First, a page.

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Danger: Plutonium in troubled waters

The fuel rods at all six reactors at the stricken Fukushima Daiichi complex contain plutonium - better known as fuel for nuclear weapons.

world Updated: Mar 19, 2011 00:06 IST

The fuel rods at all six reactors at the stricken Fukushima Daiichi complex contain plutonium - better known as fuel for nuclear weapons. While plutonium is more toxic than uranium, other radioactive elements leaking out are likely to be of greater danger to the general public.

Only 6% of the fuel rods at the plant's Unit 3 were a mixture of plutonium-239 and uranium-235 when first put into operation. The fuel in other reactors is only uranium, but even there, plutonium is created during the fission process.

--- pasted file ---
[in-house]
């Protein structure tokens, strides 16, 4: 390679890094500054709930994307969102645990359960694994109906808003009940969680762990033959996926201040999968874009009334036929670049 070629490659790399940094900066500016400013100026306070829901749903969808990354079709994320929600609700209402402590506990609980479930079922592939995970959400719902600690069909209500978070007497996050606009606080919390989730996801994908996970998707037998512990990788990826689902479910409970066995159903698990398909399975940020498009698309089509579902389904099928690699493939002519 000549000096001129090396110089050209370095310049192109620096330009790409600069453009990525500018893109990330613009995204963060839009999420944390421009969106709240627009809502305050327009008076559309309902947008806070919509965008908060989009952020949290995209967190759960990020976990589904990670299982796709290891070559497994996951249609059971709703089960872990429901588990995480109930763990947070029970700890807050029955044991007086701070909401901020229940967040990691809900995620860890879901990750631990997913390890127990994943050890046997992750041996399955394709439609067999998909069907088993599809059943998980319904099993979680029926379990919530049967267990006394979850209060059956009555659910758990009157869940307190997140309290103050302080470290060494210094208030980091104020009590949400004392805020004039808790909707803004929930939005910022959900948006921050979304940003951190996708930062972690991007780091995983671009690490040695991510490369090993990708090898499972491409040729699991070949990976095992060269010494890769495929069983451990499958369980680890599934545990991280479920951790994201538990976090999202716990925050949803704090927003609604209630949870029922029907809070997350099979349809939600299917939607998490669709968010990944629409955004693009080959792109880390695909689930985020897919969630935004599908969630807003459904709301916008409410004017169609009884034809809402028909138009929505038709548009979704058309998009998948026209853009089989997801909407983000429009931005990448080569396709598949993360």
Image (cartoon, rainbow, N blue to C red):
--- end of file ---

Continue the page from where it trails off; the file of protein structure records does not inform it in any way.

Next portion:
This means the fuel in all of the stricken reactors and spent fuel pools contain plutonium. Plutonium is indeed nasty stuff, especially damaging to lungs and kidneys. It is also less stable than uranium and can more easily spark a dangerous nuclear chain reaction.

But plutonium, like uranium, is a heavy element that is not easily dispersed in the air. It is the other byproducts of nuclear power generation, such as radioactive forms of cesium and iodine, that are more prone to spread and cause widespread contamination.

Ed Lyman, a physicist, estimates the fuel in Unit 3 is 5% to 10% more dangerous than the fuel in the other crippled reactors. Still, it is very unlikely to become packed tightly enough to reach what is known as critical mass and start a chain reaction.

The Fukushima Daiichi site has a considerable number of fuel rods on hand, according to information provided Thursday by Tokyo Electric Power Co, which owns the atomic complex: There are 3,400 tons of fuel in seven spent fuel pools within the six-reactor plant.

If plutonium did get out, it wouldn't disappear quickly. Plutonium-239 has a half-life of 25,000 years, meaning it takes that long to lose half of its radioactive potency.